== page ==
Critical Accounting Policies
Management's discussion and analysis of the Company's financial condition is based on the consolidated financial statements which are prepared in accordance with accounting principles generally accepted in the United States of America. The preparation of such financial statements requires Management to make estimates and assumptions that affect the reported amounts of assets, liabilities, revenues and expenses and related disclosure of contingent assets and liabilities. On an ongoing basis, Management evaluates its estimates, including those related to the allowance for loan losses, goodwill, the valuation of mortgage servicing rights, and other-than-temporary impairment on securities. Management bases its estimates on historical experience and on various other assumptions that are believed to be reasonable under the circumstances, the results of which form the basis in making judgments about the carrying values of assets that are not readily apparent from other sources. Actual results could differ from the amount derived from Management's estimates and assumptions under different assumptions or conditions.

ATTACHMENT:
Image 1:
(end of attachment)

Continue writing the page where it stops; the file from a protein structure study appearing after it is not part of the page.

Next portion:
Allowance for Loan Losses. Management believes the allowance for loan losses requires the most significant estimates and assumptions used in the preparation of the consolidated financial statements. The allowance for loan losses is based on Management's evaluation of the level of the allowance required in relation to the estimated loss exposure in the loan portfolio. Management believes the allowance for loan losses is a significant estimate and therefore regularly evaluates it to determine the appropriate level by taking into consideration factors such as prior loan loss experience, the character and size of the loan portfolio, business and economic conditions and Management's estimation of potential losses. The use of different estimates or assumptions could produce different provisions for loan losses.
Goodwill. Management utilizes numerous techniques to estimate the value of various assets held by the Company, including methods to determine the appropriate carrying value of goodwill as required under Financial Accounting Standards Board ("FASB") Accounting Standards Codification ("ASC") Topic 350 "Intangibles - Goodwill and Other." In addition, goodwill from a purchase acquisition is subject to ongoing periodic impairment tests, which include an evaluation of the ongoing assets, liabilities and revenues from the acquisition and an estimation of the impact of business conditions.